Sunday, November 21, 2010

Moral victories

Sometimes people don’t win but claim a moral victory. The grounds for such claims fall into at least three categories. One is where the result would have been different if the luck had been more evenly distributed. The idea there is that you played better than your opponent but they still won because you picked up nothing but Is and Us while they were laying down ‘jaguars’ and picking up ‘oxidize’. The second kind of moral victory is when the result was affected by bad officiating. If the winning goal was a penalty which shouldn’t have been awarded then it is commonplace for the losing side to claim a moral draw. The third kind of claim is when the opponents cheated. It’s hard to say where to draw the boundaries between cheating, gamesmanship and using one’s nous, but it’s uncontroversial that some kinds of cheating can take the morality out of a victory.

Football managers interviewed after a bad result often make excuses which seem tantamount to claiming a moral victory, and while there’s a degree of reasonableness to at least some of these claims, they do it far too often for my taste and presumably also too often for most people’s. There’s a particular type of claim managers make which really bugs me though, and thinking about it reveals two distinct ways of keeping the moral scorecard. This is when a team loses say 4-1, and the other team scored a wrongly awarded penalty when the score was 1-1. The losing manager will say that they were really in it until the penalty was awarded, and after that the game was as good as over and things just unravelled.

There are two ways of looking at this. One way to keep the moral scorecard is to keep the regular scorecard, crossing off tainted goals and adding goals where penalties should have been awarded. The other is to calculate what the score would have been if nothing dubious had happened. On the first measure the moral score was 3-1, so the team which should have won did win. The plaintiff here must be invoking the second moral scorecard, saying that the game changed after the penalty, presumably because they had to play more aggressively and kept getting caught on the break. I’m not denying that a case can be made here that if the penalty hadn’t been awarded the game would have been a draw. The reason I think this sort of moral scorekeeping should be resisted is that it gives no credit for how the teams played after the dubious incident. It can act as evidence for how they would have played, but lots of things can act as evidence. Actual play should have a distinctive role which on this kind of moral scorekeeping it doesn’t have.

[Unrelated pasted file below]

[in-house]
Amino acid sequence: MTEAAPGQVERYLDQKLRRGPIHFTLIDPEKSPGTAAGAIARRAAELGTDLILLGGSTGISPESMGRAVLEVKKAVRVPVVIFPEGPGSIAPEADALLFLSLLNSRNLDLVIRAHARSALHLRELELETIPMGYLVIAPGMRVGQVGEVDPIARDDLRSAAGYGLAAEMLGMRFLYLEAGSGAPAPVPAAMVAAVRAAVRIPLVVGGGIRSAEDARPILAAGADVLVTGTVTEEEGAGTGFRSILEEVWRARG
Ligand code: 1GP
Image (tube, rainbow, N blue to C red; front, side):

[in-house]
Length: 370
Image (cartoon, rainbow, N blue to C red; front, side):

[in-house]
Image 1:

This sort of thing leads to crazy results. It doesn’t just mean that it doesn’t morally matter how you play after you change your tactics in response to a bad decision; it also means that morally nobody needs to defend against a corner or free kick which was incorrectly awarded. You do hear this though: sometimes people will claim that a goal doesn’t morally count because there was an incorrectly awarded throw-in during the buildup. Enough. Defending is just as important whether the other team should have possession or not.

One thing we could do in response to this is calculate the moral scorecard in the first way. I don’t think that’s a good idea, because the second way is plainly more accurate. A goal can change the whole complexion of a game, and a wrongly awarded penalty can sometimes change the result by more than one goal. I think the only thing for it is to forget about the moral scorecard altogether and only pay attention to what the score actually is. This isn’t the same as saying that the real score is the moral score; it’s to say that the moral score is unknowable even if it’s coherent, so we should just ignore it. It’s not easy to view bad officiating the same way you view the weather, but that’s the mature thing to do. You can campaign for better referees, but you can install undersoil heating or put a roof on your stadium. I don’t know how normal people feel about this, but Strawson said the difference was resentment. You might not like the weather, but you don’t resent it. I find it can be quite liberating to stop resenting your incompetent referees and cheating opponents as well.

2 comments:

  1. I was hoping this would be about bad journal referees...! :-) Perhaps a similar story could do...

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  2. I think the point about resentment probably carries over but I'm struggling to find two analogous ways of calculating one's moral publication record.

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